Even before Robinhood Financial LLC entered the spotlight late last month for having halted trading in Game Stop during that company’s unprecedented short squeeze, Robinhood had already been charged with allegedly violating state securities laws in connection with its business practices. In December of last year, the Securities Division of the Massachusetts Secretary of the Commonwealth sued Robinhood, alleging that the company had engaged in aggressive marketing tactics aimed at young, inexperienced customers. The complaint was based in large part on alleged violations of the duty to act in customers’ best interest, as required by regulations adopted in March 2020 imposing upon broker-dealers the same fiduciary duty applicable to investment advisers operating within the Commonwealth.
According to the complaint, Robinhood failed to act in the best interests of its customers and exposed them to unnecessary trading risks. The Company directed its market at young, inexperienced investors. When they opened accounts, the Company encouraged its customers to use the trading platform frequently and approved unqualified clients for options trading. Although not mentioned in the suit, a 20-year old college student from Illinois committed suicide last summer because he mistakenly thought he owed over $700,000 based on options trades he had made using the Robinhood platform. Earlier this week his parents sued Robinhood, making allegations that echoed the Massachusetts regulator’s charges.
The Massachusetts complaint details Robinhood’s use of video game tactics, described as “gamification,” to lure younger customers. For instance, the platform features an onscreen explosion of confetti whenever a trade is executed. It also created a game by which its customers could obtain access to a new cash management system it rolled out in 2019. In the game, customers placed their names on a waitlist and then tried to raise their status on the list by tapping on a fake debit card as often as possible, up to 1,000 times per day. The more taps, the higher the client’s name moved up the list. Customers who failed to engage with the application saw their names fall toward the bottom of the waitlist.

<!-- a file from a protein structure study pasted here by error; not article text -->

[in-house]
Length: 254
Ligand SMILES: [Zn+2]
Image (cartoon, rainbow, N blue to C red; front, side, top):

The platform also prominently features stock lists – such as the “100 most popular” stocks, the “Top Movers,” and the stocks with “Upcoming Earnings.” Although Robinhood claims that it neither recommends securities to be purchased nor conducts suitability analysis, the Massachusetts regulator equated this practice with handing customers a list of securities and then “acting surprised” when the customers actually bought the listed stocks. The alleged goal was to keep customers placing orders, since Robinhood makes money based on the number of orders it can sell to various market makers. The complaint alleges that 670 customers who had limited or no investment experience averaged at least five trades per day, while two customers averaged nearly 100 trades per day. One customer who had no prior investment experience was permitted to execute almost 13,000 trades in a six-month period.
According to the complaint, Robinhood’s criteria for options trading approval were minimal. Namely, the customer had to check a box saying they had some trading experience or have at least four filled orders at Robinhood, plus a risk tolerance of medium or higher. Even with this low threshold, the Massachusetts regulator discovered that Robinhood had approved for options trading 340 customers who had no investing experience and did not have four filled orders at Robinhood. Of the more than 71,000 Massachusetts residence approved for options, over 14,000 had no investment experience before opening the account, and more than 34,000 reported having only limited experience.
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